Perhaps because he’s a football player, Dink Stover has been at Yale for a hundred years. Hey, the real world is coarse and common, would you want to leave?
One hundred years ago this month Owen Johnson published his college novel “Stover At Yale,” which is long on novel but short on college. I attempted to read this some 15 years ago and didn’t get very far. No surprise I can’t find it in my bookcase.
Alexander Nazaryan of The New York Daily News did a fine write-up yesterday about the book’s anniversary, as well as its shortcomings (Yale and academic life figure little in the novel, the protagonist being interested solely in football and social advancement). The article also acknowledges the current phenomenon we refer to as Ivy Trendwatch. — CC
Surprised that you didn’t mention that F. Scott Fitzgerald called this book a “textbook.” What can the novel teach us? Perhaps it offers a way of thinking through how we got from then to now and how students at colleges and universities are actively engaged in what Pierre Bourdieu called “social reproduction.” That includes all the ephemera of the so-called “college experience”–the clothing so carefully studied by this website and others, attitudes, great moral or existential awakenings, and even, yes, hazing.
“Stover” is part of the curriculum in Prof. Jay Gitlin’s prescient American Studies course, “Yale and America.” Great post all the way around. Nazaryan, a Dartmouth man, provides a keen narrative of both the book and the era.
I wondered if we might hear from the Squeeze Man. Coincidentally I was clearing out my inbox and found an email in which you mentioned recently rereading it.
Alas for circa 1912 college novels I prefer “Zuleika Dobson.”
This book SHOULD be in your bookcase. Give it another go. The very first paragraph brilliantly captures the style and, in the particular, the acute consciousness of style of students at elite colleges of the time. Freshman Dink, on the train to New Haven, wears a lilac silk necktie “in snug contact with the high collar whose points, painfully but in perfect style, attacked his chin.” Then, taking care to be seen “settling, not flopping,” into his seat, Dink raises “the sharp crease of the trousers one inch over each knee–a legendary precaution which in youth is believed to prevent vulgar bagging.” At Lawrenceville, where he was a “big man,” Dink “caused a revolution” by parting his hair on the side, not in the middle. Yes, Stover at Yale is long, nearly 400 pages, and contains many pages of pure dialogue (which may put modern readers off) but it also conveys much about the class divisions, student cliques, secret societies, the importance of football and more about life at Yale a century ago. It is a look into vanished age.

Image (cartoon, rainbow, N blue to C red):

Hawthorne’s “Fanshawe” (1828) is perhaps worth a look too. Thank you for the reference to “Zuleika Dobson.”
Another great read of the era. “Life With Father,” the classic play derived from the autobiographical stories of Clarence Day provides a mirror image of “Dink Stover” from the view of an iconic Wasp family living in New Haven at the turn of the century amidst the hierarchy of the Yale power structure.
Zuleika Dobson, yes indeed; even better if one both embraced and defied the 70s by quoting it to young women for whom one had an affinity.
@Dick Press: Saw your note about attending the Yale history class–sounds like fun! Hope it was educational for both you and the students.
Discovered Stover at Yale by accident online in the Project Gutenberg E-version, and, even though it requires slower reading at times because it’s full of words, phrases, and things from another era and very unknown to us of today, I’m kept at thrall. (Some things I google and cannot find a definition.) This is a very funny book! The humor is truly on point and amazingly universal. In that sense it’s true literature: it seems to apply to all ages and across time. I know I felt like that in college! It does make me somewhat sad in a nostalgic way, having now been made aware of this subtle and easy sense of wit being rare or not practiced in our times. To readers to give it a try and stick with it, it’s a lot like reading Shakespeare, in that one has to fight one’s way through here and there but the prize shines forth so brilliantly, hanging in one’s mind like some precious thing, happily remembered for a long time.
Interestingly enough, I had once found online an image drawing of an old-fashioned but very dapper young guy sitting on a fence, which I nabbed and downloaded and keep in a folder of cool pictures. I just found out that this is the logo of NY menswear brand Paul Stuart and it shows Dink Stover sitting on a fence at Yale.